A person who has experienced a traumatic event may be afraid that it will happen again due to the activation of the nervous system, preventing them from doing things on their own. Their nervous system is so stuck in a fight, flight, or freeze mode that they can’t move forward.

Depression and Mood Disorder

Depression can make leaving the safety of home feel like a daunting task.

The COVID-19 pandemic increased the number of millennials moving home. This is not surprising, as many have lost their jobs or are working reduced hours.

Many of these young people suffer from depression or a mood disorder, especially those with less than a high school education. This is a cause for concern, as these groups are more vulnerable to mental health issues.

In the eight months from August 2020 to February 2021, the percentage of adults displaying symptoms of anxiety or depression increased from 36.4% to 41.5%. The most significant hikes were seen among 18-29-year-olds and those without high school education.

Asperger's and Autism

Young adults with Asperger's syndrome and autism often face significant challenges in transitioning to adulthood. The change can be overwhelming, leading them to cling to familiar habits and environments and experience problems in both personal and professional spheres. The social demands in new situations can be overwhelming, especially when interventions to support their social skills haven’t been put into place when they were young. 

ADHD

Attention-Deficit Hyperactivity Disorder ADHD can make it hard to focus and keep track of responsibilities. This condition can impede a young adult's ability to thrive in work and life and influence their lack of desire for independent life if they haven’t found what they are passionate about or an area of excellence. 

Adult Autism and Failure to Launch

Autism Spectrum Disorder (ASD) is a developmental disorder that leads to difficulties with social skills, repetitive behaviors, speech, and nonverbal communication. It can be mild to severe, and symptoms can vary from person to person.

Behaviors occur along a spectrum, with some children having cognitive impairments and others having normal to high intelligence. But all individuals with ASD experience hindrances in learning, attention, and socialization, which makes day-to-day life and productivity difficult. 

Autism is often diagnosed within the first few years of a child's life after showing an inability to interact and develop socially. Many individuals with autism may not be diagnosed until they are adolescents or even adults.  Those with autism avoid eye contact, have trouble understanding or using gestures, and miss subtle more nuanced social communications.. They often have sensory sensitivities and like routines. 

People with Autism Are Either Geniuses or Intellectually Disabled

Autism occurs along a spectrum —with some individuals' cognitive skills falling below an IQ of 70, intellectually disabled, or intellectually gifted with an IQ above 130. That doesn’t mean they are either one or the other in terms of cognitive extremes.  When an individual's IQ is higher, it means that they intellect may mask some of their social difficulties or even anxiety.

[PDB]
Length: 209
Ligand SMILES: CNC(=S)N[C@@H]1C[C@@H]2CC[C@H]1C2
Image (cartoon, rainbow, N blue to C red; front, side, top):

Autism in Young Adulthood

  • Adults with autism are less hyperactive and irritable. They have fewer repetitive and maladaptive behaviors than when they were children.
  • Although slower than their peers, they are developing skills for everyday life – like getting dressed or handling money.
  • Sleep problems in childhood can carry over into adolescence and can cause sleepiness in school or work
  • Anxiety is common
  • Teens with autism may struggle with Executive Functioning

Adults with Autism

As awareness of autism spectrum disorder (ASD) in adults has grown dramatically in recent years, and so has the understanding that a diagnosis can offer significant benefits and relief, even later in life. When we know what the issues are, we can better address them. 

Autism spectrum disorder affects people of all races and ethnicities but is four times more likely to affect males than females.

Severe forms of ASD are diagnosed within the first two years of a child's life, but high-functioning individuals may not be diagnosed much later.

Signs of autism occur in three main areas:

  • Social interactions
  • Verbal and nonverbal communication
  • Repetitive or ritualistic behaviors

Adult autism can manifest in different ways. Some may exhibit symptoms that resemble ADHD, while others may have symptoms like impaired expressive language. 

Regardless of manifestation or severity, ASD symptoms can pose challenges in everyday life. And as our understanding of those challenges improves, more people than ever are diagnosed with ASD.

Manifestations of Autism Spectrum Disorder in Adults

Autism occurs along a spectrum and that means while there are commonalities, there are also differences in both one’s strengths and needs.

Common symptoms of autism in adults include difficulty in:

  • Interpreting other people's thoughts and feelings
  • Interpreting facial expressions, body language, or social cues.